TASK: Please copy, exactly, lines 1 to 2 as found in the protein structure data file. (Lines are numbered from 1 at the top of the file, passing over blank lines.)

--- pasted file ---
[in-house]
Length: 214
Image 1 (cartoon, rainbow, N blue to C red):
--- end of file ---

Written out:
[in-house]
Length: 214